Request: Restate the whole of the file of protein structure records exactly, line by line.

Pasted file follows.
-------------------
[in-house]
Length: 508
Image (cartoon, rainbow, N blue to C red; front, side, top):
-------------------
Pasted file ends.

[in-house]
Length: 508
Image (cartoon, rainbow, N blue to C red; front, side, top):